Avoiding Over-Justification

We’ve been talking about metadata recently, and I’ll return to that series shortly. But today, I want to talk about a deep-rooted problem in interactive marketing: over-justification. Over-justification is one reason online profit margins are so slim and a big reason Troy, on “The Apprentice,” heard those two scary words from Donald Trump: “You’re fired!”

What Is It?

Over-justification is rooted in psychology. Simply put, it’s giving someone a reward or incentive for doing something inherently good. In a marketing context, over-selling is part of over-justification. On “The Apprentice,” one piece of advice Troy received (and ignored) was, “Don’t sell when it’s already sold.” He sought someone’s help. Even after it was offered, Troy kept trying to prove why helping him was a good idea. It soured the deal a little, and his project’s credibility was called into question.

Over-justification is closely linked with reward schedules and human psychology. Any good book on childrearing raises the subject. Think of convincing your kids to eat their vegetables. Eating your vegetables, as a concept, is not an inherently bad idea. Children aren’t born with a predisposition to believe vegetables are the worst part of dinner (or that dessert is the best). It’s you, through over-justification and over-selling, who reinforces these ideas.

If you ever said to your child, “If you eat your vegetables, you can watch TV tonight,” or “If you finish your homework, you can stay up late tonight,” you’re guilty of over-justification. In doing so, you’ve made implicit statements: “Vegetables are bad” and “Doing your homework is bad.” They are in fact, so bad, you bet your children wouldn’t do either without a reward like watching TV or staying up late. By rewarding them for doing something inherently good, you’ve made them regard how good the action is (eating or studying) with suspicion. If either action really were good or fun to do, they wouldn’t need a reward, would they?

Online Over-Justification

Marketing is brimming with over-justification. A classic example is the infomercial in which you’re shown a product for $89. The company throws in four or five more products as incentives to buy the first one. (Order the set of five knives now! You’ll also get the juicer, the paring knife, the cookbook, and a stainless steel wok!) By the end of the infomercial, you’re really wondering how good the original product really is. They’re trying awfully hard to get you to buy it. Music clubs that offer you 50 CDs for $0.50 as a sign-up incentive are suspect for the same reason.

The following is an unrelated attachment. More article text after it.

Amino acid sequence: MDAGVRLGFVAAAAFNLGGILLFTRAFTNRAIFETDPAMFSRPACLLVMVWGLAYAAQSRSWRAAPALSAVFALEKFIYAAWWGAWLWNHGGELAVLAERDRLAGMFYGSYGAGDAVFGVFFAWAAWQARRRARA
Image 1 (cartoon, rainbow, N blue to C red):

I’m not saying business is so good and customers are so plentiful you should just sit back and not try to lure more in. But in acquisition marketing there’s a fine line between making people aware of your services and overselling those services to the point of losing credibility.

One common reason for an incentive is when you’re introducing a new behavior pattern and trying to migrate people from an older and costlier one, such as an airline offering 1,000 bonus miles the first time you use its online check-in system. It’s trying to move you to a different channel and an unknown business process. The bonus is an incentive.

Even so, something inherently more convenient for the customer shouldn’t require added incentives. It should be obvious to the customer this is a better service. The incentive makes me feel I’m saving the airline so much money by switching to online check-in the company feels it must “even things up” by giving me 1,000 miles. I wonder how much money I’m really saving it. Is 1,000 miles enough compensation? Why not 2,000 miles?

In acquisition marketing it’s easier to win a customer who already has a need for your services. Before you spend the time figuring out what incentives to add to your products and services to make them more attractive, take a step back and think about your target. Have you invested equal time in discovering those audience segments with a genuine need for your company’s services? Those people don’t require over-justification and over-selling to recognize the value of your services if they’re already sold on finding a solution to their problem. As Troy learned the hard way, you don’t need to sell something that’s already sold.

Until next time…


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